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Re: Dangerous precedent being set - possible serious violation of the GPL

Erich Forler writes:

> As a guess, perhaps the distinction is raised to differentiate between the
> "Product" - "Corel Linux" and the "programs" included on the disc. In some
> circumstances, there is a differentiation.

This is a distinction which some people have seemed unwilling to acknowledge,
but it is important.  There is no reason that Corel is _not_ allowed to apply 
any EULA it chooses to the product as a whole, as long as that EULA does not
prejudice users' rights under existing licenses.

Since almost all of the people reading the EULA are not lawyers, they are
not sure, offhand, whether or not the EULA has the effect of trying to
"impose any further restrictions upon" or "sublicense" GPLed software.  A
lot of them seem to believe that is does.

Since the EULA explicitly acknowledges the existence and applicability of
a variety of license terms, including the GPL, for the various components of
the system, I suspect that is does not -- but I'm not a lawyer.

For the benefit of the general public, which is mostly neither lawyers nor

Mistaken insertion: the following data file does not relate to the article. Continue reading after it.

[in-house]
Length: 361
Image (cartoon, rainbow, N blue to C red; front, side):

specialists in this peculiar world of free software licensing, it would be
very useful if the Corel Linux EULA contained an explicit, unambiguous
statement about the status of the licenses of free software packages
within the product.

That statement could say that these licenses are public licenses, whose
permissions are automatically granted to anyone receiving a copy; that
they allow (use,) modification, and redistribution subject to certain
terms; and that their grant of rights is not in any way restricted or
modified by the EULA.

This may already be the legal consequence of the EULA, but, for the benefit
of people who are not familiar with all of the free software licenses, and
not easily able to determine this for themselves, it would be helpful to
have this clarified.

I would also like to see something done about that export paragraph. :-)
Corel should avoid any suggestion that its EULA makes illegal export of
free software into a civil copyright violation, since that would certainly
be resisted by many of the original package authors and contributors.

Seth David Schoen <schoen@loyalty.org>  | And do not say, I will study when I
Temp.  http://www.loyalty.org/~schoen/  | have leisure; for perhaps you will
down:  http://www.loyalty.org/   (CAF)  | not have leisure.  -- Pirke Avot 2:5

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